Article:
Nearly 70 percent of countries across the globe face severe supplier delivery delays, which in turn is seeing manufacturers increasingly marking up their output prices, the Institute of International Finance (IIF) said.
According to IIF’s Global Macro Views report of April, which analyses data on supplier delivery times for all major economies from the manufacturing purchasing managers’ index, the supplier delivery delays in the US and German manufacturing sectors are almost as severe as in Japan in 2011 after the Fukushima nuclear disaster.
“Firms are increasingly marking up output over input prices on a global scale, not just in the US. All this points to supply chain disruptions and their knock-on effect for inflation being a medium-term shock. That may complicate life for central banks,” the IIF said.
Due to the very high consumer and industrial demand, a global shortage of container capacity and low service reliability from container shipping companies, the supply chains across the world have become highly vulnerable to even the smallest of external shocks, credit rating agency Moody’s Investors Service said earlier.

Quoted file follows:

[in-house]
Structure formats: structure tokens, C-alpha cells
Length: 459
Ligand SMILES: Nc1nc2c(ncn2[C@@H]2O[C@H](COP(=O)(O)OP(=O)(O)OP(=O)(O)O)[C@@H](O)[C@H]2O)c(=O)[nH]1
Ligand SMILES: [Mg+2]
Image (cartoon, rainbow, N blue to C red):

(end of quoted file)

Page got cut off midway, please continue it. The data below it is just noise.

However, global trade is set to improve after a rebound in the second half of last year due to pent-up demand for consumer durables from advanced economies and the resumption of supply chains in emerging markets, according to the International Monetary Fund (IMF).
Trade is forecast to expand 8.4 percent this year and 6.5 percent next year after shrinking 8.5 percent in 2020, according to the IMF’s estimates.
As COVID-19 vaccination spreads globally, it is likely that delivery delays will remain acute for some time, making this a medium-term shock that may complicate life for the world’s central banks, the IIF report said.